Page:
The town of Heidenau near Dresden, where violent anti-refugee protests erupted last weekend, has become the focus of Germany's struggle to absorb a vast wave of asylum seekers that is seen hitting a record 800,000 this year.
In a bid to prevent further violence, regional authorities in the eastern state of Saxony had outlawed all outdoor public gatherings in Heidenau from Friday afternoon until Monday morning, on grounds they could not ensure public safety.
But an administrative court in Dresden later ruled ban was “clearly illegal" saying police forces from around the country could be made available.
"In addition, the police have the resources, including water cannon, to prevent any disproportionate damage," the court said.
But on Friday evening, Saxony's administrative court of appeal restored the prohibition, banning all gatherings over the weekend, including those in support of the refugees.
The ruling came as the interior ministry confirmed it would send federal police reinforcements to Saxony to boost security.
"Saxony sought the help of federal police and this support will be provided," interior ministry spokesman Johannes Dimroth said, without saying how many officers would be deployed.
Chancellor Angela Merkel herself pledged to do "everything possible to provide support to the Saxony police" at a news conference with Danish Prime Minister Lars Rasmussen.
Merkel has condemned the anti-migrant protests as "vile" and travelled to Heidenau on Wednesday in a show of support for refugees and volunteers at the shelter.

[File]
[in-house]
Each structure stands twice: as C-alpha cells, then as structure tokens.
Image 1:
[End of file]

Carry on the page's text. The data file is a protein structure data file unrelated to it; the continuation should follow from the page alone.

But as she arrived at the centre, some 200 people jeered and booed her, shouting far-right slogans, including "Traitor, traitor!" and "We are the mob".
As the courts were wrangling over the issue, dozens of pro-refugee activists travelled to Heidenau, which has a population of 16,000, to show their support by holding a 'welcome party' for the newcomers.
"Refugees are welcome here!" they shouted, many of them wearing t-shirts bearing the slogan “No one is illegal".
They also handed out clothes and other supplies to the 250 refugees staying at the shelter.
The initial decision to ban public gatherings had been sharply criticised by politicians and Germany's police union GdP, whose deputy chief Joerg Radek described it as "kneeling before the mob in Heidenau".
It is "a slap in the face" for all who "stand against the stupid cheap propaganda of the far right," said Radek.
Opposition Greens party leader Cem Ozdemir told public broadcaster ARD that the decision effectively "overwrites democracy for four days because the Saxony state is overwhelmed".
The sudden surge in people seeking refugee in Europe's biggest economy has exposed a wave of anti-migrant sentiment, particularly in the eastern part of the country which lags behind the west in terms of jobs and opportunities some 25 years after reunification.
A spate of arson attacks have targeted refugee shelters in recent weeks.
On Friday, local police reported an apparent arson attempt against an asylum-seekers' shelter in the northwest where a molotov cocktail was thrown into a former school building now serving as a refugee home.
A woman and her three children living at the shelter in Salzhemmendorf were not hurt as fire fighters were able to put out the flames quickly, police said.